Managing your Sallows for iris

We don’t particularly want to become a conservation body, as there already is an excellent organisation dedicated to the conservation of butterflies, and we don’t want to tread on their toes.  Also, some of us are actually a little jaundiced by the bureaucracy and failings of UK nature conservation movement… . 

But, Britain's premier butterfly is not vulnerable or endangered and isn’t even a BAP species.  BC classify it as a Species of Conservation Concern, which means they cannot prioritise it at present.  But we can, and we do. 

One thing we can lead on, with BC acting as a critical friend, is the development of advice on how to manage sallows for this butterfly (and we should include other biodi-but we refuse to allow that horrid word on this website). 

Please regard this as a working document.  The following advice should be regarded as provisional.

Please contribute your experiences and comment on what we are saying (and not saying). 

These thoughts are aimed at helping nature reserve managers, FC foresters and rangers, county council rangers, National Trust wardens & rangers, and so on. 

Frequently asked questions -

1     How do I get rid of sallows without upsetting Purple People?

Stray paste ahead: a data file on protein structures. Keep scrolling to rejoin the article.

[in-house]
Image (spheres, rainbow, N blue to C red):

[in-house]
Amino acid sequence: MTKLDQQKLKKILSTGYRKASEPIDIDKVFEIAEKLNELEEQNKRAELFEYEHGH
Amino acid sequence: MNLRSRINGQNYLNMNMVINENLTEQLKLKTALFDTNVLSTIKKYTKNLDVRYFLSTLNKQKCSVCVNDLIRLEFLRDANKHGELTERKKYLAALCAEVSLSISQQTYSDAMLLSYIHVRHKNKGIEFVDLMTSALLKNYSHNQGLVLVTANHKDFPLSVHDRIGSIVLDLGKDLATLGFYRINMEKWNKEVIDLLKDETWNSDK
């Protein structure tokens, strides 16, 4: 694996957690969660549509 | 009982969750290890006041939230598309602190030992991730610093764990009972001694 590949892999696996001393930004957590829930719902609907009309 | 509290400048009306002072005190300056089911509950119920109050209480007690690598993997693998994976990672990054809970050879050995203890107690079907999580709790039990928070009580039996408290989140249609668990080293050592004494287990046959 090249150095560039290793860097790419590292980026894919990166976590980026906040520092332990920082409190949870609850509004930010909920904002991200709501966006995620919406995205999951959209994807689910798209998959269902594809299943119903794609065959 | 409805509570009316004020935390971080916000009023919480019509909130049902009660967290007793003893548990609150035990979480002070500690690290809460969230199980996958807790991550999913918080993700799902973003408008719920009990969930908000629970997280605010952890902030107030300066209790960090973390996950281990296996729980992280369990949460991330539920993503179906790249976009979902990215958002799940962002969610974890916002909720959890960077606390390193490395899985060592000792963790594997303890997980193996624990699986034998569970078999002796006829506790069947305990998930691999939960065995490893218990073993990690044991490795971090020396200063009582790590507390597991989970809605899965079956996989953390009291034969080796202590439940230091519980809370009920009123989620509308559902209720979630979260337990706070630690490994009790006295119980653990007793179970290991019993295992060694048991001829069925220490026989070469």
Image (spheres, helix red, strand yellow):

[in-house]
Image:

Sometimes sallows have to go, full stop.  Lyn Fomison, warden of BC Hampshire branch’s Bentley Station Meadow reserve suggests ring barking inappropriate sallows in late May.  In theory then, any Purple Emperor larvae will feed up and pupate – adults will emerge – but the foliage will have wilted, and wont be laid on again.  The trees can then be felled.  Sounds great, please try it – but we’d rather you didn’t have to!

 

2     What sort of sallows does the Emperor like? 
At present, it seems that the Emperor strongly prefers Goat Willow Salix caprea, especially bushes that are shaded by taller trees (to the S and W).  Shaded Goat Willow with mid-green, soft, matt (upper surface) leaves are strongly preferred.  Female trees may well be preferred.  But, Goat Willow is rare in many Emperor woods, being replaced by a variable hybrid S. x reichardtii, which sometimes looks like Goat Willow (though with less round, more elongate leaves). 

3     What sort of sallows does the Emperor not like?
Trees exposed to full sun (unless they are large with dense mid-green foliage), trees with sparse yellow-green leaves, and narrow-leaved sallows (various species and hybrids) with small leaves are usually avoided.  You should not get hung drawn and quartered for felling sallows with these characteristics. 

 

4     How do I get sallows to germinate / increase?
Sallows germinate in bare, usually disturbed ground, especially in clayey soils.    

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5. Squirrels are damaging the sallows, should I cull them?

Grey squirrels bark-strip sallows quite badly, leading to weak crowns and sometimes tree death.  Within reason, bark-stripping may not be a problem if the sallows are shaded by tall trees, but along south-facing rides it may well render the bushes unsuitable.  Rabbits also bark-strip lower sections of sallow trunks in snow, heavy frost, drought or when their populations are high.